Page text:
Friday, March 16, 2012

Afghanistan shooting fallout

I guess spring break means even the biggest stories get passed over on the DS blog, so nothing has been posted about last week's tragedy in Afghanistan, but it's too important for nothing to be said. The reactions have been predictable. Earnestness and sincerity from US officials and incredible anger from Afghan officials and citizens. An important question raised by the shooting spree has been where the unnamed US Army staff sergeant will be put on trial.

Locals as well as members of Afghanistan's parliament have demanded that the soldier stand trial in Afghanistan. Regardless of nationality, anyone who killed Americans on US soil would certainly be prosecuted domestically. Afghans rightfully feel like their judicial system should be allowed the same jurisdiction. Furthermore, building the local rule of law is constantly preached to countries like Afghanistan that the US is trying to integrate into the Western liberalized system.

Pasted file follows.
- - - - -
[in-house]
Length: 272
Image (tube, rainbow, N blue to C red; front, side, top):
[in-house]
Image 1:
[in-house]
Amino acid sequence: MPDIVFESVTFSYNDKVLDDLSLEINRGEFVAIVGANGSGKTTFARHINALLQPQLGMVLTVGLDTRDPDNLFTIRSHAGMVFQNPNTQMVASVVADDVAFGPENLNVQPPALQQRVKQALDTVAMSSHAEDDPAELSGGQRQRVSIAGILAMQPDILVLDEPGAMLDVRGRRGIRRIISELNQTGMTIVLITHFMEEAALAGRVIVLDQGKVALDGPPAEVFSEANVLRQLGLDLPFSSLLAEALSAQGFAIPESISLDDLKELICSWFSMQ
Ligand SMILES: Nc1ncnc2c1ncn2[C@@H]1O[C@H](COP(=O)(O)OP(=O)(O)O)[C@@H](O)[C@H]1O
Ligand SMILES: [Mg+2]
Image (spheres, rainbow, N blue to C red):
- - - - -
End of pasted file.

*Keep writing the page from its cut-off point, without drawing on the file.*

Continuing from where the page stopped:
As of Wednesday March 14th, US officials had made no official decision on where to hold the trial. However, I doubt that this soldier stands trial outside of the US. He has already been returned to the US military prison in Ft. Leavenworth, Kansas. Even if trying the soldier in Afghanistan would be doing right by the Afghan people, the US military could simply not allow it to happen. Setting a precedent for trying US personnel locally would seriously breech the trust between military officials and soldiers who engage in combat. Even though the soldier committed an obviously heinous crime well removed from combat duty, US officials would not risk him getting sentenced to a bloody execution in Afghanistan. This would cause great dissension in the ranks of the US military.

This is a messy case, and many questions need to be asked of his commanding officers and the psychological evaluation process, especially for a soldier who was begrudgingly on his fourth tour of duty. There should also be an investigation into the culture of Joint Base Lewis-McChord in Washington State, from where not only the staff sergeant in question but soldiers involved in the 2010 Afghanistan "thrill killings" hailed.

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